21 Pages Posted: 1 Aug 2016 Last revised: 11 Aug 2016
Date Written: July 29, 2016
Data breaches occur at the rate of over two a day. The aggregate social cost is high. Security experts have long explained how to defend better. So why does society tolerate a significant loss that it has the means to avoid? Current laws are ineffective in providing an adequate incentive to avoid the loss. As Thomas Smedinghoff notes, laws — current and proposed — “obligate companies to establish and maintain ‘reasonable’ or ‘appropriate’ security measures, controls, safeguards, or procedures.” However, most the laws “simply obligate companies to establish and maintain ‘reasonable’ or ‘appropriate’ security measures, controls, safeguards, or procedures, but give no further direction or guidance.” We contend that the consequence is that the laws fail to provide an adequate incentive to improve information security. The solution is to provide better guidance about what counts as reasonable security measures. Data breach notification laws may seem like a viable alternative, but we argue they are unlikely to sufficiently improve security.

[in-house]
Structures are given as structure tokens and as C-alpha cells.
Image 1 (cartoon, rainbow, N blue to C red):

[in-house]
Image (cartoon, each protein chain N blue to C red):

Keywords: information security, cybersecurity, data breach, breach reporting, data protection, data risk management
JEL Classification: K19, L21, L86, M21, Z18
Suggested Citation: Suggested Citation
Warner, Richard and Sloan, Robert H., Defending Our Data: The Need for Information We Do Not Have (July 29, 2016). Available at SSRN: https://ssrn.com/abstract=2816010